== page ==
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G-20 summit ends with little action on European debt crisis

Member nations give their blessing to the Eurozone's latest plan but fail to agree on new funding for it. Italy is pressured to accept tighter monitoring of its finances.

November 04, 2011|By Don Lee and Christi Parsons, Los Angeles Times
  • President Obama talks with British Prime Minister David Cameron, left, as Obama aide Michael Froman listens before the start of a meeting at the Group of 20 summit in Cannes, France.
President Obama talks with British Prime Minister David Cameron, left,… (Kevin Lamarque, Reuters )

Reporting from Cannes, France — European leaders pressured Italy to accept tighter monitoring of its finances, but they and the other heads of the world's 20 largest economies accomplished little else here to ease a sovereign debt crisis and stabilize a teetering global economy.

The Group of 20 nations, concluding a two-day summit Friday at this seaside resort, gave their blessing to the Eurozone's latest plan to dig out of its debt crisis. But the leaders failed to agree on giving the Europeans new money, a key part of the plan.

That left the International Monetary Fund, which would oversee a Eurozone bailout fund, with the new assignment of inspecting Italy's books but without the means to rescue the country should it, like Greece, need a lifeline.

Without more funds, Europe would be unable to build a financial firewall to ensure that the debt crisis doesn't spread across the continent. So even with Italy's billionaire prime minister, Silvio Berlusconi, agreeing to have his country's fiscal situation verified and made public every quarter, financial markets were not mollified.

Borrowing costs for Italy, Europe's third-largest economy, jumped Friday, and the nation's banking stocks tumbled, adding angst to the financial markets after days of political upheaval in Greece.

Some G-20 countries, such as Britain and Australia, called for increased IMF funding. But the U.S. maintained that Europe should look to its own resources. Nations with large sums of foreign reserves, notably China and Japan, said they wanted to see more details on the Eurozone's plan and how an IMF-administered bailout fund would operate before making any commitment.

In the end, the G-20 statement issued at the close of the summit promised only to consider funding options by February.

"Eurozone leaders were effectively told to get their own house in order, something they have conspicuously failed to do so far," said Andrew Kenningham, a global economist at Capital Economics in London. In a note to clients, he said the summit's disappointing conclusion coincided with the release of a new purchasing managers report suggesting that the Eurozone might be sliding into a mild recession.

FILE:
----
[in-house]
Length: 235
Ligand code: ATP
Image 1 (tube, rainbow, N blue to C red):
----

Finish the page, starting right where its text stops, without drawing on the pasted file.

IMF Managing Director Christine Lagarde said in Cannes that, although no specific amount was pledged, all G-20 members have committed to give what would be appropriate to support the fund's needs.

"I regard it as half a success," she said in a news briefing Friday.

David Cameron, Britain's prime minister, was clearly disappointed, saying the debt crisis threatens to spark a recession in his country.

With high joblessness and slow growth expected to persist, especially in advanced economies, Cameron and President Obama pushed the G-20 for a stronger job-action, pro-growth agenda. But some leaders were more interested in pursuing the path of fiscal restraint and deficit reduction.

Such differences laid bare the differences among nations, as well as the difficulty of unifying a body as diverse as the G-20. The bloc has little enforcement authority, yet a proposal to strengthen it by creating a secretary general, as at the United Nations, was rejected at the summit.

For Obama, the group's preoccupation with Europe's debt crisis made it difficult to press for more movement on a framework he introduced two years ago to restructure the global economy by reducing large trade imbalances and realigning the savings and consumption rates in countries. Part of that plan includes persuading China to let its currency rise, which would be likely to help reduce the large U.S. trade deficit.

Top U.S. officials said they were encouraged by what they said were signs that the Chinese were beginning to accept that it's in their interest to let their currency float with the market.

The G-20 statement specifically named China in saying that nations with inflexible currency policies should move more swiftly to adopt a more market-based system.

Chinese President Hu Jintao, in a speech made at the summit and posted on China's government website, made no mention of the currency issue or of supporting the IMF with funds.

Obama administration officials acknowledged that they could point to little in the way of major accomplishments at the summit, but they said there was some progress on setting goals.

"Having heard from our European partners over the past two days, I am confident that Europe has the capacity to meet this challenge" on its debt, Obama said. "I know it isn't easy, but what is absolutely critical — and what the world looks for in moments such as this — is action."

Other actions were mostly small and symbolic. Member nations, for example, embraced financial reforms and agreed to keep phasing out fossil fuel subsidies.

don.lee@latimes.com

christi.parsons@latimes.com

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